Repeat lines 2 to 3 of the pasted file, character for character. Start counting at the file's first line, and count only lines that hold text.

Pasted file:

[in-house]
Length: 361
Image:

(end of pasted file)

Length: 361
Image: